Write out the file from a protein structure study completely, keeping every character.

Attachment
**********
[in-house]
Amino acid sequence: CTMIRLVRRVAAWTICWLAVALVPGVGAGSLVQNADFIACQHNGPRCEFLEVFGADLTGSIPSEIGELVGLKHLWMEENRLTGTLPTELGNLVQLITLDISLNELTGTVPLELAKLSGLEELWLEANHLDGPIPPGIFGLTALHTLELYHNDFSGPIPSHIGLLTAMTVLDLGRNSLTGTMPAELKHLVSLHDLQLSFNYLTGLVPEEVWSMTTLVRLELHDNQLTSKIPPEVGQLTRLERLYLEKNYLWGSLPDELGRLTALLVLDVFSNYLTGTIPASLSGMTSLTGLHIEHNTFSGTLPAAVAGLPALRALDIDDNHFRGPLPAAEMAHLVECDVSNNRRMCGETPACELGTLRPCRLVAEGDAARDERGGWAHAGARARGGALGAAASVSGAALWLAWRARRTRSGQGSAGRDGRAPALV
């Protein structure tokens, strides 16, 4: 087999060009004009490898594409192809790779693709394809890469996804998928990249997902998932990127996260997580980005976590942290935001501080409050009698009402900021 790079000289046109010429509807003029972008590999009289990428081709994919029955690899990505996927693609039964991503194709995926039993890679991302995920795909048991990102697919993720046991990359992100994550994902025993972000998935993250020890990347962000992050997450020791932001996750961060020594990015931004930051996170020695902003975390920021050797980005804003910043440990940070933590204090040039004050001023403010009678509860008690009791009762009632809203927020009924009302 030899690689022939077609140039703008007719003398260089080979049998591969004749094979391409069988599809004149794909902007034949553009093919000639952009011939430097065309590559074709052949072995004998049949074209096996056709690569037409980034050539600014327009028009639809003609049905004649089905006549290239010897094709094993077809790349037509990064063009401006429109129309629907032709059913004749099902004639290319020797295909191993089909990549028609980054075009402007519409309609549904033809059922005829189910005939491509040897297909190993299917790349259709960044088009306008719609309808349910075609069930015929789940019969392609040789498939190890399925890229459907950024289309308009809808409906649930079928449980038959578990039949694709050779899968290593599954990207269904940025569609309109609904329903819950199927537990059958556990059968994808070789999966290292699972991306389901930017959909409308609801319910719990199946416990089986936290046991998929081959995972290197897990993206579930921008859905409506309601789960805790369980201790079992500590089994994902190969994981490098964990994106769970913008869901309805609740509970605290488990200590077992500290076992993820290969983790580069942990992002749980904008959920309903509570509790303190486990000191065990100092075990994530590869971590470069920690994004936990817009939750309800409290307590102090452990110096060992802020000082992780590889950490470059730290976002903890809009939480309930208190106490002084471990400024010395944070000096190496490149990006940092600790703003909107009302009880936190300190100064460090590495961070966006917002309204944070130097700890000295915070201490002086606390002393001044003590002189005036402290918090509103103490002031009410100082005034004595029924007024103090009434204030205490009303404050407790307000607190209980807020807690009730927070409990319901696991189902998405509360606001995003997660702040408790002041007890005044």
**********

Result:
[in-house]
Amino acid sequence: CTMIRLVRRVAAWTICWLAVALVPGVGAGSLVQNADFIACQHNGPRCEFLEVFGADLTGSIPSEIGELVGLKHLWMEENRLTGTLPTELGNLVQLITLDISLNELTGTVPLELAKLSGLEELWLEANHLDGPIPPGIFGLTALHTLELYHNDFSGPIPSHIGLLTAMTVLDLGRNSLTGTMPAELKHLVSLHDLQLSFNYLTGLVPEEVWSMTTLVRLELHDNQLTSKIPPEVGQLTRLERLYLEKNYLWGSLPDELGRLTALLVLDVFSNYLTGTIPASLSGMTSLTGLHIEHNTFSGTLPAAVAGLPALRALDIDDNHFRGPLPAAEMAHLVECDVSNNRRMCGETPACELGTLRPCRLVAEGDAARDERGGWAHAGARARGGALGAAASVSGAALWLAWRARRTRSGQGSAGRDGRAPALV
């Protein structure tokens, strides 16, 4: 087999060009004009490898594409192809790779693709394809890469996804998928990249997902998932990127996260997580980005976590942290935001501080409050009698009402900021 790079000289046109010429509807003029972008590999009289990428081709994919029955690899990505996927693609039964991503194709995926039993890679991302995920795909048991990102697919993720046991990359992100994550994902025993972000998935993250020890990347962000992050997450020791932001996750961060020594990015931004930051996170020695902003975390920021050797980005804003910043440990940070933590204090040039004050001023403010009678509860008690009791009762009632809203927020009924009302 030899690689022939077609140039703008007719003398260089080979049998591969004749094979391409069988599809004149794909902007034949553009093919000639952009011939430097065309590559074709052949072995004998049949074209096996056709690569037409980034050539600014327009028009639809003609049905004649089905006549290239010897094709094993077809790349037509990064063009401006429109129309629907032709059913004749099902004639290319020797295909191993089909990549028609980054075009402007519409309609549904033809059922005829189910005939491509040897297909190993299917790349259709960044088009306008719609309808349910075609069930015929789940019969392609040789498939190890399925890229459907950024289309308009809808409906649930079928449980038959578990039949694709050779899968290593599954990207269904940025569609309109609904329903819950199927537990059958556990059968994808070789999966290292699972991306389901930017959909409308609801319910719990199946416990089986936290046991998929081959995972290197897990993206579930921008859905409506309601789960805790369980201790079992500590089994994902190969994981490098964990994106769970913008869901309805609740509970605290488990200590077992500290076992993820290969983790580069942990992002749980904008959920309903509570509790303190486990000191065990100092075990994530590869971590470069920690994004936990817009939750309800409290307590102090452990110096060992802020000082992780590889950490470059730290976002903890809009939480309930208190106490002084471990400024010395944070000096190496490149990006940092600790703003909107009302009880936190300190100064460090590495961070966006917002309204944070130097700890000295915070201490002086606390002393001044003590002189005036402290918090509103103490002031009410100082005034004595029924007024103090009434204030205490009303404050407790307000607190209980807020807690009730927070409990319901696991189902998405509360606001995003997660702040408790002041007890005044």